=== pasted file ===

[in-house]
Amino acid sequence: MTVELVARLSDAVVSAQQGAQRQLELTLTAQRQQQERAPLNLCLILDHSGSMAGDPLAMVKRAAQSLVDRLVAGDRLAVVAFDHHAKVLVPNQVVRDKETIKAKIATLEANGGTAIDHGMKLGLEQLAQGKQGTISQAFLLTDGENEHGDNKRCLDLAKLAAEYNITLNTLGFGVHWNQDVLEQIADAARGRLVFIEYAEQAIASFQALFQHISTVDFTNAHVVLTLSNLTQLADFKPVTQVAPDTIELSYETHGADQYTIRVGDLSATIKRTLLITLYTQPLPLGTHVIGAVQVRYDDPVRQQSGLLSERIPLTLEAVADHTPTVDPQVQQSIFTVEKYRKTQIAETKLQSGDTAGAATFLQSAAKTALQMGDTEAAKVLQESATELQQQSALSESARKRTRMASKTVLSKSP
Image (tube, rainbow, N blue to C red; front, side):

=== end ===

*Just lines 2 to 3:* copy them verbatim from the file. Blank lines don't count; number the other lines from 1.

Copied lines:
Amino acid sequence: MTVELVARLSDAVVSAQQGAQRQLELTLTAQRQQQERAPLNLCLILDHSGSMAGDPLAMVKRAAQSLVDRLVAGDRLAVVAFDHHAKVLVPNQVVRDKETIKAKIATLEANGGTAIDHGMKLGLEQLAQGKQGTISQAFLLTDGENEHGDNKRCLDLAKLAAEYNITLNTLGFGVHWNQDVLEQIADAARGRLVFIEYAEQAIASFQALFQHISTVDFTNAHVVLTLSNLTQLADFKPVTQVAPDTIELSYETHGADQYTIRVGDLSATIKRTLLITLYTQPLPLGTHVIGAVQVRYDDPVRQQSGLLSERIPLTLEAVADHTPTVDPQVQQSIFTVEKYRKTQIAETKLQSGDTAGAATFLQSAAKTALQMGDTEAAKVLQESATELQQQSALSESARKRTRMASKTVLSKSP
Image (tube, rainbow, N blue to C red; front, side):